For Anna Canales ’23, a desire to help in the community has often been constrained by the need to work in order to remain financially stable, while also taking classes full time.
This summer, a Community Building Internship (CBI) through the Mary Jane Underwood Stryker Center for Civic Engagement (CCE) made it possible for Canales to serve in her community and experience a potential future path. Each year, the CCE and the Center for Career and Professional Development offer K students the opportunity to apply for CBIs at a wide variety of local organizations. The positions usually last six to eight weeks, and interns are on the job for 30 to 40 hours a week while earning a stipend.
Growing up in the Rio Grande Valley in Texas, near the border with Mexico, Canales saw many families separated due to immigration cases and other reasons. She herself spent time in foster care as a child and was adopted at age 13. Those experiences have shaped both her desire to volunteer and her plans for her future.
Canales has been heavily involved with the CCE, where Assistant Director Moises Hernandez ’17 has served as a mentor for her, and many of its partner organizations. She has worked with Kalamazoo dual-language elementary school El Sol, Latino community foundation El Concilio, and foster care organizations.
Majoring in art history, she plans to teach art for a few years before going to law school to become a child advocacy attorney.
For her CBI, Canales helped plan and run the EASEL arts and science experiential learning summer program for grades 1–5 at Eastside Youth Strong. The organization aims to help young people in the Eastside neighborhood in Kalamazoo graduate and develop social and emotional strength.
“When I read the mission statement of Eastside Youth Strong, I was really emotional about it,” Canales said. “I cried during my interview, and she told me, ‘It’s OK. It’s good that you’re passionate about children coming from low economic backgrounds and diverse backgrounds.’ Being with kids outside of the traditional school environment was important to me.”
Through the CBI, Canales was able to observe different teaching styles and also practice advocating for children.
“There were two different teachers in the program and they had such completely opposite teaching styles and ways of interacting with the kids,” Canales said. “I could pick and choose what I thought was working and what I thought wasn’t that great of a strategy for me personally. It was almost like shadowing in a classroom; it was a lot of input in how I would like to run my own classroom.”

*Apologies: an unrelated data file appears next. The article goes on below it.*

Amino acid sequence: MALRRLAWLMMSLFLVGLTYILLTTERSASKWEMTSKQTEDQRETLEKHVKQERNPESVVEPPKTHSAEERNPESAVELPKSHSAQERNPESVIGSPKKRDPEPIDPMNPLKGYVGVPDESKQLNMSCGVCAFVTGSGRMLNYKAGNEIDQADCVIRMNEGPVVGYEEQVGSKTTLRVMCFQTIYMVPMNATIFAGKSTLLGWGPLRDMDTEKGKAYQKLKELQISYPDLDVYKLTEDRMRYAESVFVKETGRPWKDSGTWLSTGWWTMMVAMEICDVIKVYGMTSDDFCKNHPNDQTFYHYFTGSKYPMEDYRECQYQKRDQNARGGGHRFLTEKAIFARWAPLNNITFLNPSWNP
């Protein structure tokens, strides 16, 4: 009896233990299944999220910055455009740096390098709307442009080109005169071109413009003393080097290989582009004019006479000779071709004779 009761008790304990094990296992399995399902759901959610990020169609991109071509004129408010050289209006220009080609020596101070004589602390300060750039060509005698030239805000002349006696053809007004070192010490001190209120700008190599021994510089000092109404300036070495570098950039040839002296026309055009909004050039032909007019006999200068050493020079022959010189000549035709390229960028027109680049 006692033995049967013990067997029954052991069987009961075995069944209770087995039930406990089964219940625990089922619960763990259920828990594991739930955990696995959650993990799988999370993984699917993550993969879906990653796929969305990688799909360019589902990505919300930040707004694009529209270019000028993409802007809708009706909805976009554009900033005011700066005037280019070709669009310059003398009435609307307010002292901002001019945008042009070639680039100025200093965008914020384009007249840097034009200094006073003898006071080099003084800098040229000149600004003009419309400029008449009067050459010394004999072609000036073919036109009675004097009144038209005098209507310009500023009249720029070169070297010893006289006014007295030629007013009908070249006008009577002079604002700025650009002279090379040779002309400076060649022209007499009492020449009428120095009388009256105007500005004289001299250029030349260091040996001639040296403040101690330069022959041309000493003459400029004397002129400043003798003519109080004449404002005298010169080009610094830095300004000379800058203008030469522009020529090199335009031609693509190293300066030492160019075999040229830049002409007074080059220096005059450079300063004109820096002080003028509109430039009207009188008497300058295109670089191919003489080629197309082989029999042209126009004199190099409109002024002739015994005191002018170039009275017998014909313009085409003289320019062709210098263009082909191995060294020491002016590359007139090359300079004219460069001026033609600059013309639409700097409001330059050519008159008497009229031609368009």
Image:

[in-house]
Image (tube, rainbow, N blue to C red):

In addition to helping with lesson planning, Canales was responsible for ensuring the students’ physical, social and emotional needs were being met.
“A lot of it was making sure everybody felt comfortable, everybody was respectful, everybody was having fun while learning,” Canales said. “While the teachers were teaching, my job was to make sure the kids felt like they were being heard, they were being seen. If they needed anything, I was the one to make those calls to parents, like, ‘Hey, does your kid need shoes? We can get them shoes.’ Or, ‘Your kid said they can’t eat XYZ, we’re going to work to get them a lunch provided that they can eat with their dietary or religious needs.’ Making sure the kids felt supported was my role.”
While Canales was initially intimidated by that role, by the end of the program she found herself feeling connected to the families and pleased that she made a difference. Many parents expressed appreciation for her efforts, and some asked her to babysit or tutor their children.
Watching kids who started the program shy and reserved blossom in confidence was Canales’ favorite part of the internship.
“It was so special seeing them grow and be more confident in themselves,” Canales said.
Canales learned a lot about supporting students’ social and emotional growth through the CBI.
“A lot of what I was learning was about the social emotional stages the kids are in, never getting upset or showing that you’re upset about something, no matter how stressful the kids’ behaviors could be,” she said. “I was always trying to find a solution and be the one in control of the tone, the mood, everything, and understand where these kids are coming from.”
Canales hopes to stay involved with Eastside Youth Strong in the future.
“I really appreciate that a lot of the people are women or people of color and that they do programs all year round,” she said. “You can really tell that they care about where these kids are coming from and where they’re going.”
In addition to the CCE, Canales has been heavily involved at K with the Pre-Law Society, Women of Color Alliance, Anime Club and K Desi, and this year she will serve as an interfaith leader. She has worked in the library, where Collection Services Librarian Leslie Burke and Digital Services Librarian Ethan Cutler particularly mentored her with helpful conversations about life after college. Professor of Art and Art History Christine Hahn and Assistant Professor of Japanese Brian White have also been mentors for Canales.
“I feel like so many people at K have impacted me,” Canales said.
She is grateful for the opportunity to pay that forward to the young students on the east side.
“As a full-time student who has to work, I don’t always have time for everything I want to do,” Canales said. “But I do my best to help when I can.”